Hykes doesn’t want to say a person can’t assemble modern PCBs. “Our pick-and-place robots are doing things that are basically very impractical to do manually. Some parts are smaller than ground pepper. They’re too tiny, too costly. It’s very important for them to be placed properly. Robotic assembly is the only way.”
Hykes should know.
“We learned how to do it when it wasn’t easy, before robots,” Hykes said. “We’re constantly upgrading our equipment. Smaller, faster, cheaper. That’s what everyone wants.”
He said in some cases, people can put 8 to 10 parts on a printed circuit board in a minute.
“Now a robot is putting five or six parts a second on a printed circuit board,” he said, “and we have multiple machines working.”
“Thirty years ago, everything was manually placed,” and today, “some bigger objects are hand-soldered to a PCB. There are still some things robots can’t inspect,” Hykes said. He explained that today’s workers have to be trained beyond being able to solder a component onto a board.
Workers take care of some finishing processes, and those are getting more complicated.
“They have to be more technically capable,” Hykes said. “Some finishing processes include inspections, although other inspections are done by machines.”
That process is called automated optical inspection.
Hykes said with 34 years of experience behind him, he feels good talking to a new customer walking through the door. “We have been in this business since 1983, and these years have taught us how to be good partners with our customers. That experience has also helped us acquire the technical knowledge necessary to manufactures today’s complex assemblies,” Hykes said.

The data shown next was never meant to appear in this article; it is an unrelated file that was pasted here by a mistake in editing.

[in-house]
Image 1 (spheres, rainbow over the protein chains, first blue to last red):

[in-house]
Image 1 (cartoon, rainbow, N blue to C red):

One of the first steps is to look at the customer’s design, and for Accu-sembly and the customer to verify that the design for manufacturing is cost-effective.
“With some customers, they understand this is what we do and have been doing for 30 plus years,” Hykes said. “We’ve already proven we have the ability to do this. We’ve encountered all the different processes people tend to use, manual, surface mount, robotic, through hole, two sided, X-ray inspection, ball grid array. We know how to deal with it. We’ve proven we turn out a product with a low failure rate, on time. When a new customer comes to me, I can feel confident.”
With a design for manufacturing agreed upon, Accu-sembly then works with the customer on how to buy and manage the components. Hykes said each company has its own ideas about maintaining inventory.
“We can sometimes suggest a less expensive component or an easier to assemble material,” Hykes said. Accu-sembly can also manage the entire supply process to simplify it for a customer. “Our customers are all different. They may have issues with materials or with managing their inventory or with assembly.”